Most of us can conjure up some images of family vacations gone awry, but we can also look back at family vacations with great fondness and warmth because of shared moments with loved ones. I am not insinuating that family vacations are all fun and no stress–vacations can be quite stressful if you do not keep things in perspective.
Yet, there are some great benefits to family vacations. For instance:
Creating memories together. Most of us worry about having everything go smoothly when we are planning a trip, a wedding, a meal. However, the best and most unforgettable memories can often occur when things do not go as expected. With enough time gone by, we can laugh at the time when the airline lost our luggage, when the hotel did not have our reservation, or when we got a flat tire on the way to our destination. Overcoming challenges and obstacles helps to improve resilience!
Expanding the kids’ perspective. …[Read More]
Every summer dozens of children die after being left in in a hot car. It is most often accidental, and yet, it continues to happen. An excellent Washington Post article by Gene Weingarten, written in 2009, talks of the horrors parents face when they suddenly remember the sleeping child in the back seat and rush to get it. Unfortunately, it is often too late. Within minutes, even at 80 degrees F the temperature in a car can rise to over 100 degrees.
Why are kids not seen in cars?
There are some theories about why this trend has continued to increase. Two decades ago this was relatively rare. However, when experts in the 1990’s determined that air bags could kill children, they recommended that car seats be placed in the back seat and facing the rear for young children.The unfortunate result was decreased visibility of a child. Who could have foreseen the horrible consequences?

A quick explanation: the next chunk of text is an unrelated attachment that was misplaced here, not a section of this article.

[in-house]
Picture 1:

Who leaves their …[Read More]
Many moms of preschool/elementary school-aged children are overworked, over-scheduled, have over-scheduled kids and continuously feel they are not doing enough. Their levels of stress are over-the-top based, in part, on their unattainable high expectations of themselves.
When they’re not worrying about the health and well-being of their kids, moms are critically evaluating their parenting skills. For some moms taking anti-anxiety medication or drinking alcohol has become a way of life. Many moms have said that this has helped them cope better and be better moms.
Chardonnay play dates, mothering with a buzz, prescription or recreational drug use, and food binges point to self-medication as the anti-stress lubricant for today’s moms. This comes at a time when here have been increased reports of depression in women, and new parents are reporting symptoms of anxiety and obsessive compulsive disorder.
The “wine makes us better …[Read More]
You know the drill when you’re stressed about a deadline. The day is much too short, so you stay up a few more hours and try to make some progress. Even if you get only three to four hours of sleep, you tell yourself, you can have caffeine in the morning to get through the day.
The next day you are seriously tired and have a hard time concentrating. You feel completely overwhelmed, and are more irritable with anyone in your way!
It’s a familiar situation to most people.
With increased levels of stress among adults of all ages in the United States, sleep quality and quantity take a hit. In other words, stress can affect how much and how well we sleep. In fact, in the recent Stress in America survey, 25 percent of men and 35 percent of women reported that stress was interfering with their sleep. They reported experiencing changes in sleep habits such as oversleeping, difficulty falling asleep and waking up in the middle of …[Read More]